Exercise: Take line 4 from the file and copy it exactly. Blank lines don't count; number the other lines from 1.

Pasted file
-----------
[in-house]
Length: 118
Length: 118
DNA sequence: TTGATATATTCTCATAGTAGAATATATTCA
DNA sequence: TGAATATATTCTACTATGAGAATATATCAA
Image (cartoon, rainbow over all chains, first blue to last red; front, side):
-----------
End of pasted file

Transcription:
DNA sequence: TTGATATATTCTCATAGTAGAATATATTCA